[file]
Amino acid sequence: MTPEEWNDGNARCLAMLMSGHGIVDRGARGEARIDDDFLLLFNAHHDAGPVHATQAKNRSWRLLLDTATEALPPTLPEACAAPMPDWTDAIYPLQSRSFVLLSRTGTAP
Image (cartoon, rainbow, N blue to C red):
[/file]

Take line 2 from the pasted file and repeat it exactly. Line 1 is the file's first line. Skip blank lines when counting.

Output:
Image (cartoon, rainbow, N blue to C red):